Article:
Bleeding in the esophagus has several possible causes. Since some bleeds can be large and fatal, it is very important for a person to be evaluated by a physician for any GI bleeding. And if someone has any of the symptoms of acute GI bleeding, they should seek emergency treatment immediately. It is also important to know the symptoms of chronic GI bleeding, and to seek medical attention.
Causes of bleeding in the esophagus: can include:
- Inflammation (esophagitis): Stomach acid that backs up into the esophagus can cause inflammation, and this inflammation may lead to bleeding.
- Cancer Most of the length of the esophagus is lined with squamous cells. If a malignant tumor grows here, it's called squamous cell cancer. The areas at the bottom of the esophagus, and where the esophagus joins the stomach, are lined with columnar cells. If a malignant tumor grows here, it's called adenocarcinomas.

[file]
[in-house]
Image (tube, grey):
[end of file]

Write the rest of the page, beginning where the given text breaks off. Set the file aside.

- Ulcers An ulcer can form in the esophagus if stomach acid increases or the mucous layer that coats the lining of the digestive tract decreases. Causes of esophageal ulcers include the h. pylori bacteria and NSAIDs.
- Varices: These are abnormally enlarged veins located at the lower end of the esophagus. Esophageal varices are very rare, and only occur in patients with severe liver disease or other conditions that affect blood flow to the liver.
- Tears: A tear in the lining of the esophagus that is usually caused by prolonged vomiting, but may also be caused by prolonged coughing or hiccuping. This is sometimes called Mallory-Weiss syndrome, which is a disorder of the lower end of the esophagus caused by severe retching and vomiting and characterized by laceration associated with bleeding.
"Bleeding in the Digestive Tract." NIH Publication No. 07–1133 November 2004. National Digestive Diseases Information Clearinghouse (NDDIC)..
"What You Need to Know About Cancer of the Esophagus - Types of Esophageal Cancer." National Cancer Institute. http://www.cancer.gov/cancertopics/wyntk/esophagus/page4